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"Douglas A-4" redirects here. For the 1940 biplane, see Douglas A-4 (target drone).
A-4 (A4D) Skyhawk
A U.S. Navy A-4E Skyhawk of VA-164, from USS Oriskany, en route to attack a target in North Vietnam, 21 November 1967.
Role Attack aircraft, fighter, aggressor aircraft
National origin United States
Manufacturer Douglas Aircraft Company
First flight 22 June 1954; 69 years ago
Introduction 1 October 1956; 67 years ago
Retired USMC (1998), U.S. Navy (2003)
Israeli Air Force (2015)
Royal New Zealand Air Force (2001)
Status In limited service with non-U.S. users
Primary users United States Navy (historical)
United States Marine Corps (historical)
Israeli Air Force (historical)
Argentine Air Force
Number built 2,960
Variants Lockheed Martin A-4AR Fightinghawk
McDonnell Douglas A-4G Skyhawk
ST Aerospace A-4SU Super Skyhawk
The Douglas A-4 Skyhawk is a single-seat subsonic carrier-capable light attack aircraft designed and produced by the American aerospace manufacturer Douglas Aircraft Company, and later, McDonnell Douglas. It was originally designated A4D under the United States Navy's pre-1962 designation system.
The Skyhawk was developed during the early 1950s on behalf of the US Navy and United States Marine Corps as a replacement for the propeller-driven Douglas A-1 (AD) Skyraider. The A-4 is by comparison, a compact, straightforward, and lightweight aircraft for the era. Its maximum takeoff weight of 24,500 pounds (11,100 kg) being roughly half of the Navy's weight specification. The Skyhawk has a short-span delta wing configuration, a tricycle undercarriage, and is powered by a single turbojet engine. The US Navy issued a contract for the aircraft on 12 June 1952. On 22 June 1954, the XA4D-1 prototype performed its maiden flight; it went on to set a world speed record of 695.163 mph on 15 October 1955. On 1 October 1956, the Skyhawk was introduced to operational service.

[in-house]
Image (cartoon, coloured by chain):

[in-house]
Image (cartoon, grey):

The Skyhawk's five hardpoints support a variety of missiles, bombs, and other munitions. It is capable of carrying a bomb load equivalent to that of the World War II-era Boeing B-17 bomber, and can deliver nuclear weapons using a low-altitude bombing system and a "loft" delivery technique. Furthermore, it pioneered the concept of "buddy" air-to-air refueling, enabling an aircraft to supply others and reduce the need for dedicated aerial tankers. The Skyhawk was originally powered by the Wright J65 turbojet engine; from the A-4E onwards, the Pratt & Whitney J52 engine was used instead. The Skyhawk was in production through to February 1979, by which point 2,960 aircraft had been delivered to a variety of operators. 555 aircraft alone were built as dedicated two-seat trainers.
The Skyhawk saw active combat on several occasions. The US Navy operated the type as its principal light attack aircraft during the Vietnam War, carrying out some of the first air strikes by the US during the conflict. The Skyhawk was the Israeli Air Force's main ground attack aircraft during both the War of Attrition and the Yom Kippur War. In the Falklands War, Argentine Air Force Skyhawks bombed Royal Navy vessels, sinking the Type 42 destroyer Coventry and the Type 21 frigate Ardent. Kuwaiti Air Force Skyhawks saw action during Operation Desert Storm. In 2022, nearly seven decades after the aircraft's first flight in 1954, a number of Skyhawks remain in service with the Argentine Air Force and the Brazilian Naval Aviation.